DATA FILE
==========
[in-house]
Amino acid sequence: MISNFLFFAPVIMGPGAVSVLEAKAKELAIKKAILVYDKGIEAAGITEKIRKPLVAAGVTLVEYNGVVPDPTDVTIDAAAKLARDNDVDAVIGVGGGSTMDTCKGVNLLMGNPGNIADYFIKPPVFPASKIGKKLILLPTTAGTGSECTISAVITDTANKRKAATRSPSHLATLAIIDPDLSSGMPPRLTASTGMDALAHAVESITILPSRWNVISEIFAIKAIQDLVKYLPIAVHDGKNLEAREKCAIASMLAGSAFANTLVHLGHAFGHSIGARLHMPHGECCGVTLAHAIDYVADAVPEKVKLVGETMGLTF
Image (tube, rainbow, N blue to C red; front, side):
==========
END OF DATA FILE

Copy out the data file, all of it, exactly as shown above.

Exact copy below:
[in-house]
Amino acid sequence: MISNFLFFAPVIMGPGAVSVLEAKAKELAIKKAILVYDKGIEAAGITEKIRKPLVAAGVTLVEYNGVVPDPTDVTIDAAAKLARDNDVDAVIGVGGGSTMDTCKGVNLLMGNPGNIADYFIKPPVFPASKIGKKLILLPTTAGTGSECTISAVITDTANKRKAATRSPSHLATLAIIDPDLSSGMPPRLTASTGMDALAHAVESITILPSRWNVISEIFAIKAIQDLVKYLPIAVHDGKNLEAREKCAIASMLAGSAFANTLVHLGHAFGHSIGARLHMPHGECCGVTLAHAIDYVADAVPEKVKLVGETMGLTF
Image (tube, rainbow, N blue to C red; front, side):